He was 99.9 percent sure. Ninety-nine point nine percent positive that his NBA career was over.

But that .1 percent – it was always there, leaving the door open. Then the story broke that the man (Michael Jordan) was working out twice a day, trying to get in game shape. Then came word that his good buddy Charles Barkley has started dropping weight in hopes of a comeback. Next, M.J. hired his former coach, Doug Collins, to run the team he would return to. And finally, Jordan said he is only 85 to 88 percent sure that he won’t come back.

For the media, this was almost too much, and so the bombardment of questions mounted. A return from His Airness (and Sir Charles in the mix)? Could he really be serious about another return from retirement? M.J. in the league again? It was almost too good to be true.

Of course, the NBA would love nothing more, except getting Mark Cuban on decaf. One final fling from the greatest player in the history of the game. Throw in another sure-fire Hall of Famer in Barkley – can you imagine the hoopla?

But lost in the excitement of Jordan’s possible return is the question of whether he should return at all. He is 38 and was drafted way back in 1984. To put that in perspective, realize that he was playing in the NBA before Patrick Ewing, and look how old and decrepit Ewing is. Sure, Jordan was away from the game for a couple of years, but he has played a lot of basketball in his day.

So the question is: At his age, could Jordan capture his magic of old and dominate the NBA? No one can answer that but Michael, but it does seem doubtful that he could return and lead the Wizards to the title. There is just too much young talent in the league today. A Jordan return would mean going up against players nearly half his age, and almost certainly more athletic.

To see what I mean, take a look at the playoffs this weekend. Philly’s Allen Iverson, the Answer, drops 54 on the Raptors. Vince Carter comes right back the next game and sets the NBA record with eight three-pointers in a single half en route to fifty points. Not to be outdone, Kobe scorches the Kings for 48 and 16 boards on Sunday.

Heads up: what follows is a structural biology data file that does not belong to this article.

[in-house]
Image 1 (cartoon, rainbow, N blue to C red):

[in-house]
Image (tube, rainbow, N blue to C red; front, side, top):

These are the players that Jordan will have to go up against. Sure, M.J. has the experience and knowledge of the game on his side, but that will carry him only so far. Eventually youth and talent start to take over. And that’s where Jordan would be at a huge disadvantage.

What if Iverson were to cross him over and drop a “J” on his head? What if Vince blew past him for a dunk? What if Kobe, smug grin and all, smoked him for 40?

What if Jordan couldn’t capture the magic of old and remain the best player in the NBA?

That is the question I can’t get out of my head. I can’t shake the terrible image of an old, defeated

Jordan, limping off the court, whipped by one of those young guns.

So, while I have no doubt that M.J. could come back, average 24 points a game and lift Washington into the playoffs, it’s something I just don’t want to see. I don’t want to see a Jordan that is mortal, who misses the game winning shot – a Jordan that can’t do the impossible.

I want my final memory of His Airness to be that perfect crescent-shaped jumper against Utah to win the NBA title.

The crossover. The step-back. The bust.

MJ’s hand suspended in the air for that one final second, so fans everywhere could savor, for one last time, the greatest player ever to walk to face of the earth.